The News Tribune's "Lights & Sirens" blog has one of the latest example of minors advertised on the online classified site Backpage.com (emphasis is mine):
A Tacoma woman who allegedly allowed two 15-year-old girls to prostitute themselves in the home she shares with her two young sons is in the Pierce County Jail charged with two felonies. Not guilty pleas were entered Tuesday on behalf of Jacqueline Nicole Carr in Superior Court. She’s charged with two counts of promoting the commercial sexual abuse of a minor...The case against her began Monday when a Lakewood police detective investigating juvenile prostitution spotted an ad on backpage.com, court records state. The ad featured two young females wearing lingerie and posing provocatively, the records show.
This is obviously disturbing, especially because we're told, via Backpage's official blog, that the company implemented "strict policies to prevent illegal activity," that "inappropriate ad content [is] removed" and that they are engaged in "The review of all ads and images in the personals and adult sections of the site."
If so, how do so many ads involving minors end up online on Backpage.com? That's why we asked Backpage.com to help us better understand their procedures for removing such ads. Attorney General McKenna gave a policy address at the Spring meeting of the National Association of Attorneys General regarding the company's failure to respond to state attorneys general. He sited another recent, terrible incident involving minors posted on the site:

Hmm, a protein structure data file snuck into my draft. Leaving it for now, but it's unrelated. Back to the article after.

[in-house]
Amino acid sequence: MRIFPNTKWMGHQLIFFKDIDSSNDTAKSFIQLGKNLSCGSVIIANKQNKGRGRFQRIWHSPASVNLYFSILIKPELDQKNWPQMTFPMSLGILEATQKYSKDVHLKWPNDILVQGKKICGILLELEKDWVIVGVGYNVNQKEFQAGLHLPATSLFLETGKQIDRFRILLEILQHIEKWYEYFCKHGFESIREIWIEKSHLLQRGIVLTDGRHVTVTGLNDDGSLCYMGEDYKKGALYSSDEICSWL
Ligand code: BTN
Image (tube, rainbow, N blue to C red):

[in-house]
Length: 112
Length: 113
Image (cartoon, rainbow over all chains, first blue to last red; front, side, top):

Federal authorities apprehended a man in New York for sexually trafficking six minors through Backpage. Federal law enforcement officers say Thomas Cramer, a career criminal, recruited the girls, placed ads for them on Backpage and took the girls to meet customers at hotels, taking a portion of the proceeds.
In a text message exchange captured by DOJ, Cramer tells a girl that she can make more money being a prostitute than at her job at a grocery store. Prosecutors say at least one of the minors was a runaway. That’s typical. Pimps and other traffickers target the vulnerable – society’s so-called “throw-aways.”
No young person deserves to be thrown away. It’s outrageous that kids who face abuse at home, who often run away and fall into drug or alcohol abuse, are exploited by pimps. Yet, as vice-squad officers will tell you, these are the kids sought out by criminals, recruited into prostitution and posted for sale on sites such as Backpage.
Finally, in case you missed it, politicians in Washington, DC have taken notice of Backpage.com:
WASHINGTON, DC – Sen. Mark Kirk, R-IL, Sen. Richard Blumenthal, D-CT and Rep. Dave Reichert, R-WA have added their voices to the tens of thousands of Americans signing online petitions and letters to Backpage.com, calling on the online classified site to end so-called “adult services advertisements.”
“Every day, more voices join those speaking on behalf of young people sold by pimps on Backpage.com,” said Washington State Attorney General Rob McKenna. “It’s wrong when pimps traffic human beings and it’s wrong for a major corporation to monetize such exploitation. Backpage executives must decide if they will continue to be impervious to public opinion and immune to any sense of shame, or do the right thing.”